Used cars cost substantially less than a new car. That is the number one reason people buy them. When correctly chosen, used cars offer miles and years of driving pleasure. Incorrectly choose a used car and you're merely purchasing someone else's junk. The wrong used car may do nothing more than breakdown, need repair, and cost a lot of money. Rather than go into the car buying process fearful of the latter, do your research and prepare beforehand. Buying a car may initially seem scary but once you learn what to look for and what to avoid, the task is much easier. When you take the time to do things right, a used car is your ticket to affordable transportation wherever you go. The following tips are among the many ways to take the stress out of the car buying process. Use each of these tips to ensure you drive home a used car that exceeds expectations.
What make and model car do you want to buy? Do you want a car, truck, van, SUV, or crossover? Each offers its own pros and cons. If you're unsure, use the internet to learn more about vehicles in your price range. Consider costs of auto insurance for the vehicle, maintenance, fuel costs, and the features as you conduct research. If you know the make and model you want to buy, skip this step and start with step number two.
Buying a used car at a dealership is the safest option, but usually the most expensive. Private sellers offer more freedom in the purchase and charge less. Private sales also require all of the money upfront. Consider both types of sales and then research the options. Use apps to comparison shop or conduct your own research using your favorite search engine. Do not buy the first used car you find immediately.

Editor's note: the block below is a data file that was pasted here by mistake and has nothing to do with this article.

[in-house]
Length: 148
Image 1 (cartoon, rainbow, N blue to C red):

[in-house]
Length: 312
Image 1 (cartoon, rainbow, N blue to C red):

The most important tip a used car buyer can remember is to take a test drive before they fork over any money. Buying any vehicle before test driving is a bad idea, especially when it is used. A test drive gives you time to listen, feel, and learn more about the car. If you are not familiar with cars, take someone with you who can identify unusual noises or signs of trouble. This can save a lot of trouble -and expense- later down the line.
Learn if a vehicle history report comes with the vehicle. Many private buyers do not offer this, but dealerships will. If this report does not come with the purchase, it is worth paying for it yourself. Companies like CARFAX provide detailed information about a vehicle's history, including prior accidents, title information, and odometer information. Visit an online vehicle history report provder to purchase a report.
Never browse used car listings before setting a budget for this purchase. Doing so may result in spending more money than you can actually afford for a car based on what you like rather than what you can afford. Sit down and examine the current income and debt to designate a budget that you are comfortable with. Do not forget the costs of car insurance and upkeep when creating the budget and shopping for your used car.